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The reef surrounding Palmyra Atoll, an island in the midst of the new Pacific Remote Island Marine Monuments, is practically untouched by people. Other than occupation during World War II and a couple of shipwrecks, the only human impact is the ongoing presence of a small research station for scientists. That gives those researchers the opportunity to study what reefs looked like before the influence of overfishing, sewage contamination and other human activities. And it may provide a baseline for what a pristine reef should look like as the effects of human habitation spread to every corner of the planet. "It will give us better guidance on what some of the restoration targets should be," says marine conservation scientist Dan Brumbaugh of the American Museum of Natural History's Center for Biodiversity and Conservation. "It will tell us what processes need to be restored to more degraded reefs elsewhere."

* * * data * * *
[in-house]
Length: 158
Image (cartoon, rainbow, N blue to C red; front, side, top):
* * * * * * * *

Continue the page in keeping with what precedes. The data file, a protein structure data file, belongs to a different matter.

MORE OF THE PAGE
Slide Show: Life on the Reef